I'm trying to learn systemd services by trying to start xclock as a service; the service file is below




Any ideas what's wrong here? I'm getting an error saying "cannot connect to display."

3 Answers 3


An application needs two things to open a window on an X display. It needs to know the location of the X display; that's conveyed by the DISPLAY environment variable. It also needs to authenticate with the X server. This is conveyed through a cookie, which is a secret value generated by the X server when it starts and stored in a file that only the user who started the X server can access. The default cookie file is ~/.Xauthority.

If your X server is using the default cookie file location, then adding Environment=XAUTHORITY=/home/dogs/.Xauthority will work (assuming /home/dogs is the home directory of the user who is logged in under X). If you need to find the location, see Can I launch a graphical program on another user's desktop as root? and Open a window on a remote X display (why “Cannot open display”)?

Alternatively, running the program as the user who is running the X server will work, provided that the cookie file is in the default location (if not, you'll have to locate the cookie file, like in the root case). Add the User directive (e.g. User=dogs).

Of course the service won't run if there isn't an X display by that number owned by the user you specify.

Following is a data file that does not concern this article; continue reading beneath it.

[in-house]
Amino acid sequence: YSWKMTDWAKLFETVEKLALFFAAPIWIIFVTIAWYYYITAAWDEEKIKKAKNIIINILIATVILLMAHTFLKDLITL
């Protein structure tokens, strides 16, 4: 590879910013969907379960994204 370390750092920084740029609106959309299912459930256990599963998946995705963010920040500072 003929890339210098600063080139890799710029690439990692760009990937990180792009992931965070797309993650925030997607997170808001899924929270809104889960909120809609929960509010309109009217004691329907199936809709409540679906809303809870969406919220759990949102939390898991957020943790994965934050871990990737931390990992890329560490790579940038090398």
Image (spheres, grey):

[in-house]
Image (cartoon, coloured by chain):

It's rather bizarre to start a GUI program from Systemd. It wasn't designed for this. GUI programs live in an X session, started by a user. Systemd is for system processes. You should experiment with daemons instead.

  • 3
    It's not a problem using systemctl --user. Also the DISPLAY variable is not a matter then. Have a look here.
    – Suuuehgi
    Commented May 17, 2019 at 21:24
  • Having the same issue, where I'm trying to auto-magically boot into X with a Chromium configured in --kiosk mode. We are building a Kiosk-like product which should always boot up into full screen mode with the web app fully loaded. I've seen cases where it works perfect and other times it had issues (like a race condition of some sort).
    – Jeach
    Commented Jun 5, 2020 at 15:16
  • This might also help if there is no graphical-session.target: superuser.com/a/1128905/683326
    – gschenk
    Commented Jun 18, 2020 at 17:22
  • On newer versions of Ubuntu/GDM, the Xauthority file is found here: /run/user/<uid>/gdm/Xauthority. Commented Nov 4, 2020 at 20:17
  • can't find Xauthority in linux mendel os Commented Feb 25, 2021 at 13:21

A modern way (in 2021) is not to hard code the environment within the .service unit file. Instead, do something like this:

$ cat /etc/X11/xinit/xinitrc.d/50-systemd-user.sh

systemctl --user import-environment DISPLAY XAUTHORITY

if command -v dbus-update-activation-environment >/dev/null 2>&1; then
    dbus-update-activation-environment DISPLAY XAUTHORITY

This is what is done in Arch Linux, for example.

Explanation: When starting X11, both the DISPLAY and the XAUTHORITY environment variables are inherited for all systemd user service unit files (i.e. those managed by systemd --user).

One could check those are properly set by running systemctl --user show-environment.

By doing so, you don't need to use Environment= directives in your .service files.

  • where should this file be linked in the custom.service file Commented Oct 14, 2022 at 8:55

You can add in .xinitrc :

xhost si:localuser:$USER

It works for me!

  • 2
    this is for systemd service files, not .xinitrc
    – slang
    Commented Sep 28, 2015 at 20:59

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